The next morning after a lovely breakfast at the Superbude we headed out to go paddle-boarding. Now I absolutely LOVE water activities so this was like magic for me. I’m quite athletic as well even though most people wouldn’t guess it (I paddle-boarded in a dress haha). Also, this is why I love a press trip is because it’s basically a trip where the local insiders show you around and you end up doing things you would have never even considered. Which is why I have to tell you that you MUST go paddle-boarding down the canals in Hamburg if you visit. It’s such a fabulous activity and very calm as well – even if you are a beginner you can do it and it’s a great way to see another side of the city.
Hamburg has a lot of canals and a huge lake called Alster Lake that you can explore through paddle-boarding. You can book in paddle-boarding through the Supper Club and it’s very reasonable – I believe at the time they quoted 14 Euros for 1 hour. And it’s such an enjoyable activity, every Euro is worth it.
After paddle-boarding we ate lunch at Supper Club which is also highly recommended. They have a healthy selection of salads and bowls and if you really want that hamburger in Hamburg they have that too. Also please try the truffle fries – they are YUM.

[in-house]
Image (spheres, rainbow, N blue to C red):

The next day was ours to explore Hamburg ourselves so Supal from Chevrons & Eclairs set off to do some exploration. Our first stop was the Jungfernsteig which is a beautiful waterfront promenade in Hamburg. Hamburg is all about the waterfront with the canals and lakes so definitely head to the Jungfernsteig if you can and stroll along for a bit.
As I mentioned before, Hamburg has some great coffee shops and we hit up Balzac Coffee for a pit stop on the way which is close to the Jungfernsteig. It was started by two sisters who were inspired by the coffee scene in the USA after a visit so started up their own in Hamburg. The name as well I love because it’s inspired by the French writer Honoré de Balzac , known for his excessive coffee consumption of up to 60 cups a day. I mean, I thought I had an excessive coffee habit but I guess not!